>> Tuesday, September 9, 2008
I am a democrat but i am also a political junky. I find it intriguing to think about a way to guide the GOP to victory that is not based on the politics of division. I tend to think it would be fairly easy given how cowardly the Dems run typical campaigns. The key is that lying is not punished. This allows you to try and co-opt any Democratic positions you might want and try to explain why they are actually GOP positions. Also, when i engage in this idle speculation i try to imagine ways to realign the electorate. Is there a way to grab a significant chunk of the population away from the other side without losing your voters, or at least not so many as would not be covered by additions?
It is with this in mind that i turn to the piece in the NYT entitled, The vanishing Republican Voter by David Frum. Frum does work for the conservative think tank, American Enterprise Institute but that does not mean he could not have some interesting insights into the GOP mindset and the possible future of the Republican Party. There are two basic premises to his thinking.
1. As a general rule, the more unequal a place is, the more Democratic; the more equal, the more Republican.
2.There is a widening equality gap.
These two things lead to the conclusion that the GOP is in some serious trouble in the future. He lays out the case that the GOP needs to be much more concerned about inequity, not from a moral perspective, but from a political one. They just wont have voters unless they make a fundamental change in how they approach elections. His suggestion seems to be that they do something about the inequity, just enough so that people feel they can vote with their social values and not the pocketbook.
Resentment of “elites” is a major theme of conservative talk radio. “Who’s looking out for you?” demands Bill O’Reilly, as he excoriates “media elites” who vacation in the Hamptons, Aspen and the Virginia horse country.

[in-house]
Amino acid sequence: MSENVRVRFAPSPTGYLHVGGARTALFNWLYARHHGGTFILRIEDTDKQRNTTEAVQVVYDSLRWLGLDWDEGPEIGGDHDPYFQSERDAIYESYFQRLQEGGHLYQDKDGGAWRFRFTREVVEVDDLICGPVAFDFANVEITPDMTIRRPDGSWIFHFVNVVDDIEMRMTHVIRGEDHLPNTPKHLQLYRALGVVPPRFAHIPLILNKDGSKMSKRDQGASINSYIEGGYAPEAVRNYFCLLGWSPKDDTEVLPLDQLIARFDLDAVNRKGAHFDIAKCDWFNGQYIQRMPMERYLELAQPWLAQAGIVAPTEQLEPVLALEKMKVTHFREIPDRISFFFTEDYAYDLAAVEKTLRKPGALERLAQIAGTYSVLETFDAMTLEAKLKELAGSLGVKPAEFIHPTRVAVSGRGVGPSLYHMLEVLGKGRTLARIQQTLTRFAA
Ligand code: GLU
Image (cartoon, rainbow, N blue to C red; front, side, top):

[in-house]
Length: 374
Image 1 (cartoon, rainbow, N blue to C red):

But O’Reilly’s question has recoiled upon its onetime beneficiaries. Who is looking out for the Fox-viewing public? For most of the Bush administration, G.D.P. grew strongly, the stock market boomed, new jobs were created. But the ordinary person experienced little benefit. The median household income, which rose in the ’90s, had only just caught up to its 2000 level when the expansion ended in 2007.
there is a major issue that goes unaddressed here. The big money interests support the GOP precisely because they give them the best policies. The gearing of their focus towards the rich and the corporate is what gives them a media advantage. To suddenly start throwing that, and the money that comes with it, away seems far fetched. To his credit Frum finds a way around actually paying employees more. In true Republican fashion he goes supply side. If we dont pay more we will lower supply costs.
What the middle class needs most is not lower income taxes but a slowdown in the soaring inflation of health-care costs.
It is very true that helping get everyone health care. Frums proposal of eliminating employer based health care and shifting totally to a market approach similar to car insurance is not something i really favor. Over all it is an interesting approach to the problem.
Personally i just do not think that this is enough. Frum makes assumptions about inequity that i dont know hold true. He basically says that no one would vote democratic if people were more equal. I think the better point is that the dems would lose a lot of voters if people were making more money related to expenses. Frum is saying that if prices had not gone up no one would have cared about the fact that the rich make a whole lot more. The problem is that prices always go up. they dont stay the same so predicating your argument on that is specious. That is frums idea about how to keep the party alive. My own will be part II.